Patients’ daily diets were adjusted and controlled. They followed the doctor’s advice and took insulin and sulfonylureas. After the blood glucose levels were thoroughly controlled, comparative treatment was performed. The patients were not given analgesic and vasodilators during treatment. The patients in the control group were treated with mecobalamin (SFDA approval number H20070279, Shandong Renhe Pharmaceutical Co. Ltd.; specifications: chemical medicine, 0.5 mg) at 500 μg/dose, thrice daily, for 2 months. By contrast, the patients in the treatment group were treated with Tongxinluo capsules (SFDA approval number Z19980015, Shijiazhuang Yiling pharmaceutical Limited by Share Ltd.; specifications: Chinese medicine, 0.26 g/capsule) at a dosage of 4 capsules, thrice daily, for 2 months.
Venous blood was drawn from the patients in the two groups 2 months before and after treatment. Fasting blood glucose and postprandial 2 h blood glucose levels were detected using the glucose oxidase method. Glycated hemoglobin levels were detected using the microcolumn method. Sensory and motor nerve conduction velocities were determined using the KeypointV3.00 myoelectricity/evoked potential instrument. Improvement in clinical symptoms and therapeutic effect was evaluated.
Efficacy evaluation criteria
Evaluation criteria for the clinical signs and symptoms were as follows: On the basis of the “new Chinese medicine clinical research guiding principles,” clinical symptom improvement was evaluated considering the clinical signs of Achilles tendon reflex and tactile reflex before and after treatment as the bias. The evaluation was graded as follows: “healed” (main clinical symptoms and signs completely or almost disappeared after treatment with symptom score decreased by >95%), “excellent” (clinical symptoms and signs improved significantly after treatment with symptom score decreased by >75%), “effective” (clinical symptoms alleviated after treatment with symptom score decreased by >30%), and “invalid” (clinical symptoms not obviously altered or continuously aggravated after treatment with symptom score decreased by <30%). The total effective rate was determine as the sum of the percentages for “healed,” “excellent,” and “effective.”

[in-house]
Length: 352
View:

Evaluation criteria for the therapeutic effect were as follows: “excellent” (all clinical symptoms disappeared, tendon reflex returned to normal, and the nerve conduction velocity increased by ≥ 5 m/s after treatment), “effective” (clinical symptoms improved, tendon reflex returned to near normal, and nerve conduction velocity increased by <5 m/s after treatment), and “invalid” (clinical symptoms, tendon reflex, and nerve conduction velocity did not change or were aggravated after treatment). The total effective rate was calculated using the formula Total effective rate=(excellent +effective)/total number × 100%.
Data were processed using SPSS 22.0. Measurement data (including glucose metabolic index and sensory nerve conduction velocity) were compared by x̄ ± S and tested using the t-test. Count data (including clinical symptom improvement and total effective rate) were compared using percentages (%) and evaluated with the χ2 test. P<0.05 indicated that the difference between the two groups was statistically significant.
Glucose metabolism indexes in the two groups before and after treatment
Fasting blood glucose, postprandial 2 h blood glucose, and glycosylated hemoglobin levels of the patients in the two groups were compared and showed no significant difference (P>0.05). After treatment, the values of the above-mentioned indexes in the treatment group were significantly higher than those in the control group (P<0.05) (Table 1).
|Group||Fasting blood glucose (mmol/L)||Postprandial 2 h blood glucose (mmol/L)||Glycosylated hemoglobin (%)|
|Control||8.6 ± 1.7||7.5 ± 0.9||10.7 ± 1.7||8.6 ± 1.7||8.3 ± 1.1||7.2 ± 0.9|
|Treatment||8.8 ± 0.8||6.2 ± 0.8||10.9 ± 1.7||6.7 ± 1.5||8.5 ± 1.1||6.4 ± 1.0|
Table 1. Glucose metabolism indexes in the two groups before and after treatment.